Team Building Leadership Innovation Expert Michael Cardus

Standardization is the first step to innovation, Alan Kay Wrote,

“…every team is different. I think you have to take the principles and practices you mention, align them with the goals of the organization and decide where to place the emphasis. The application would vary greatly if you were running a highly regulated business, e.g., healthcare vs. an innovative internet retailing business.”

I agree that the emphasis may be different for different teams and industries. To do their best work at their maximum effectiveness, every organization and person seeks personal mastery.

For innovation to occur, the person traverses through 3 phases of learning: rote Copying, Surface Understanding, Personal Mastery.

Using the examples, Alan supplied let’s see how innovation of process and the need for standardization applies.


It is regulated, yes, and I have had my blood drawn and seen blood drawing at five different facilities in the past year, which will be my example. Each facility and individual, when drawing blood, have their way of completing this task. They use different techniques, tell different stories. I have even seen a variety of needles, tubes, containment systems…The way they arrange the needles, the steps they take, etc.…

All of this is their judgment and decision in solving the problems that arise during their tasks. This ‘personalized’ technique and for some excellent skills set (some phlebotomists are exceptional and you cannot even feel the needle, some are horrible they dig and poke and leave bruises) came from;

  • Rote Copying in Medical and/or Nursing school, plus some residency or apprenticeship. Where they were watched and told to follow the steps.
  • Surface Understanding As the comfort level increased and the professor, managers, peers coached and showed the tricks, they began to “get a feel” for how drawing blood works.
  • After several years, personal mastery in process innovation in blood drawing is great, and they now have their process that is still within the regulations.

This one feels obvious because what the Nurse does is a routine day in and day out from what we see. But with every step in the process, he has to use his judgment about the environment, patient, time, and several other factors.

Innovative Internet Retailing Business:

Perhaps not as regulated as healthcare, and still there are Goals, Roles, Procedures that exist either explicitly they are part of a training manual, shared understood, known to the employee. Or implicitly Not documented although exist as part of the unspoken rules and norms of the organization.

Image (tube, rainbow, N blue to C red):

The people who make up this business all must operate within the company’s assigned Goals, Roles, and procedures; otherwise, the company would not exist. While we may think that Rote Copying, Surface Understanding, and Personal Mastery don’t apply to innovative business, it still does.

A Customer Representative from this company is an example. All customer reps in this company, like the phlebotomist above, have their way of solving problems and making decisions within the boundaries of their work. These boundaries are often called Policies & Procedures, Local Operating Standards (LOP), Standard Operating Procedures (SOP), etc.… Their mastery of how they answer the customer request, interact, calm angry people, solve problems, etc.…

All of this is their judgment and decision in solving the problems that arise during their tasks. This ‘personalized’ technique and for some great skills set (some customer service reps are amazing, some are really horrible) came from;

  • Rote Copying they had to learn how to answer the phone, use the computer system, communicate with other sales reps and departments within the company, speak to a customer, etc.… This all happened in a combination of on the job and possibly from other workplaces. They copy what they see and are coached evaluated by more senior members and managers.
  • Surface Understanding After some time, the rep. begins to work on his own, taking calls, solving problems, and dealing with customers. From the rote copying, she knows some boundaries and best practices from others—the understanding of how the system works and how to interact with the customer increases. Still, the manager and senior members supply coaching and feedback.
  • Personal Mastery Now, the rep. examines her own process for working with customers and finds their own tricks and steps to improve the work within the given set of boundaries. Using relationship and continuous improvement to master the innovative internet retail business.

At any given moment, all of us, whether in work, relationships, life, are Rote Copying, Surface Understanding, and Personally Mastering many things and many times at many levels.

An organization needs to acknowledge this and develop a system where everyone consistently is improving their work. The manager’s job is to learn how each person is improving their work, encourage everyone to teach and share what and how they are improving, and unify this knowledge so that others can learn from it.

Whether you are mopping a floor, selling a car, and designing the next innovative patent … It starts with copying what already exists, developing an understanding of how and why it works, then mastering and evolving the process to match your needs situation.

image by kevin dooley